Your decision to invest ethically

Your decision to invest ethically

Current investors have never had more choice when it comes to investment opportunities, but with all this choice there’s always been one common objective – and that is to make a profit.

But what if you, as an investor, were able to make that profit by investing in companies or organisations which marry their commercial aims with sustainable, social and ethical values? Too good to be true? Or are we starting to experience a global trend toward sustainability and healthy living which is leading toward strong financial performance?

But firstly, is there even such a thing as true ethical investing?

Paradoxically, the answer is both yes and no. Because we are all driven by different sets of values we all have different definitions of what we consider to be ethical.  If you strip down ‘ethical investing’ to its core it can simply be defined as investing with a conscience. No one ethical investment may be perfect at ticking every box for every single one of us, but isn’t it still important to support those companies that are making a conscious, pro-active effort to make a positive change?  This positive change can come in three forms:

  1. Ethical investing – investing in companies that use a moral compass
  2. Responsible investing – not investing in companies that promote social ills or activities harmful to the environment, such as gambling, tobacco, animal cruelty, pollution etc.
  3. Sustainable investing – investing in companies of tomorrow, such as innovative technology, renewable energy, healthcare etc.

If investment shifts to more of these companies leading positive change and we start to divest away from unethical organisations, then this creates a fundamental demand shift.  This movement has the potential to encourage more laggard organisations in the industry to adopt a similar philosophy resulting in a fundamental supply shift.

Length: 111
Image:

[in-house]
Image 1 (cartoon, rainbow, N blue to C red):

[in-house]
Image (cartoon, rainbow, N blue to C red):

But does investing ethically make good financial sense?

The 2016 benchmarking report from the Responsible Investment Association of Australia shows “core” responsible investment funds doubling in size from $25.6B in 2013 to $51.5B in 2015. At the end of 2016 the broader responsible investment industry in Australia accounted for $633 Billion in assets under management.

Australian investment in responsible and ethical investment portfolios has grown at a rapid pace in recent years. At the end of 2016, around $65 billion was being invested within “core responsible investment” managed funds, representing 26% growth over the year.  These funds now account for around 4.5% of total assets under management in Australia, which is up significantly from approximately 1.5% of total industry funds earlier last decade.

Ethical organisations also benefit from unintended competitive advantages in that they are less vulnerable to litigation, consumer boycotts and even catastrophes associated with unsustainable practices such as oil spills in the ocean.  The devastating effects of BP’s Deepwater Horizon explosion in April 2010, where an estimated 206 million gallons of oil spilt into the ocean over the course of 85 days,  is still being felt today. Consequentially, BP has spent in excess of US$56.4 billion in court fees, penalties, and clean-up costs thus far and lost 55% of shareholders’ wealth within a 2 month period. However, even though significant, the financial cost doesn’t even begin to address the damage done to the families of the 11 crew members that lost their lives, the wildlife, the environment and the local economy.